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Re: Something really weird...


	The 1D isn't really any better than the 2D, it just seems that way
because you are looking at two different variables. The problem is in your
definition of the annual average. What you really want is

yes? let atemp = temp[gt=annave@AVE]

Without the @AVE, you are getting @LIN, or linear interpolation (i.e., the
closest points on the time axis for temp that corresponds with the point on the
time axis for atemp are linearly interpolated to give a value at the new time
point). If you do not have a great deal of variation over the year, the value
for @LIN can be close to the value for @AVE. If there is a lot of variation
over the year, then the values will likely be very different.

If you do this definition change, you will see that both plots improve greatly.

In addition there can be problems with the axis definitions you are using. If I
understand what you are really trying to do, you have 412 years of data on an
irregular time axis (with 15059 points in the time axis you end up with an
average of about 36.6 points per year). Then you are trying to calculate an
annual avarage and are comparing that against the original data with a 36 point
running average.

	My suggestion is that you should be using a different time unit than
years. This is, of course, a time unit with an ambiguous length (model year,
leap year, etc...). Instead, you should try to use hours or days as the
underlying time stamp. To easily get a time axis that is similar to what you
have now with hours as the underlying time unit, you could use:

yes? define axis/t="06-JAN-1030:17:11:42":"30-DEC-1441:03:37:58"/np=15059 taxis

For days, simply append the /units=days qualifier. (If you need to keep the
existing time axis as is, switch from years to days/hours.)

You can regrid your variables on the fly if you use the new "taxis" from above

yes? let voltr = volt[gt=newg@ASN]
yes? let tempr = temp[gt=newg@ASN]

The @ASN is blind association, i.e., point 1 on the old time axis becomes point
1 on the new time axis, point 2 old becomes point 2 new, etc., with no
interpolation or averaging.

Next, to define the annual average, you can do a similar thing:

yes? define axis/t="01-JUL-1030":"01-JUL-1441"/np=412 annual

Which is probably more what you are expecting. Notice that I have moved the
start and end points to the middle of the year. You then obviously need to
change the succeeding definitions:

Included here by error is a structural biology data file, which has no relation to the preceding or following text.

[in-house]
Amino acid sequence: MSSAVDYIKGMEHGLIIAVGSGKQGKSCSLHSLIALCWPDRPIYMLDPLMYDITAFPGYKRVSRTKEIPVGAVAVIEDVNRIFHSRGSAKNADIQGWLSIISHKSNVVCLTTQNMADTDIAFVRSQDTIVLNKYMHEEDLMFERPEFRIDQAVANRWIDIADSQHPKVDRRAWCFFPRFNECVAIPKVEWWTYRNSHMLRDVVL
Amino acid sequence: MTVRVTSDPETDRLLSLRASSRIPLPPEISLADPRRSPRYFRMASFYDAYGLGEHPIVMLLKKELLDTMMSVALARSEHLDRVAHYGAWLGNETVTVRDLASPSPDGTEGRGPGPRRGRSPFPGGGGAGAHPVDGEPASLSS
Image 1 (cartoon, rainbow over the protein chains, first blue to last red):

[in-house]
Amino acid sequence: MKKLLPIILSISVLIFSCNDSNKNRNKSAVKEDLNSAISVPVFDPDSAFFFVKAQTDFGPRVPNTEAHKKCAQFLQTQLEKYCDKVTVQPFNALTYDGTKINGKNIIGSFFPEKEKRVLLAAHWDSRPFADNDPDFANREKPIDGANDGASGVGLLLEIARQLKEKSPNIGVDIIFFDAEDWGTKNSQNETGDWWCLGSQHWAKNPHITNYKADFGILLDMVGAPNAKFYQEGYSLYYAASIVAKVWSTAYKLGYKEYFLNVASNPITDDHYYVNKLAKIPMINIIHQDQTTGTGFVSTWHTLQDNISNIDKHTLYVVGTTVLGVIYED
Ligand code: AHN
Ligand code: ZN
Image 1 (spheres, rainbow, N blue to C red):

yes? let avolt = voltr[gt=annave@AVE]
yes? let rvolt = voltr[l=@sbx:36]
yes? let atemp = tempr[gt=annave@AVE]
yes? let rtemp = tempr[l=@sbx:36]

I don't know how this will change your analysis, but the definitions are much
more consisten this way. I suggest reading Chapter 4 in the ferret manual on
Grids and Regions, they can be very tricky things as you have learned.

Regards, Mark Verschell

On Mar 11,  3:05pm, Gary Strand wrote:
> Subject: Something really weird...
> Here's something really really weird.
> The data is at ftp://ftp.ucar.edu/cgd/strandwg/GB.nc
> and here's the ferret script I'm trying to get to work:
> -------------------------------------------------------------------------------
> use GB.nc
> set mem/size=32
> !
> define axis/t="01-JAN-1030":"31-DEC-1441":1/unit=year annual
> define grid/t=annual annave
> !
> let avolt = volt[gt=annave]
> let rvolt = volt[l=@sbx:36]
> !
> let atemp = temp[gt=annave]
> let rtemp = temp[l=@sbx:36]
> !
> plot/set avolt,rvolt
> ppl txlsze 0.05
> ppl plot
> frame/file=volt.gif
> !
> plot/set temp[k=1],atemp[k=1],rtemp[k=1]
> ppl txlsze 0.05
> ppl plot
> frame/file=temp.gif
> !
> quit
> -------------------------------------------------------------------------------
> I'd like to know why the 1-D variable annually averaged looks OK, but the 2-D
> variable annually averaged is all wrong.
> Here's the gifs created by the above:
> ftp://ftp.ucar.edu/cgd/strandwg/volt.gif
> ftp://ftp.ucar.edu/cgd/strandwg/temp.gif
> Thanks - this has been driving me nuts all day.
> --
> Gary Strand
> strandwg@ucar.edu
>-- End of excerpt from Gary Strand

 Mark Verschell                     NASA/Goddard Space Flight Center
 verschell@neptune.gsfc.nasa.gov    Code 970/Lab. for Hydrospheric Proc.
 301-614-5669  Fax: 301-614-5666    Greenbelt, MD 20771

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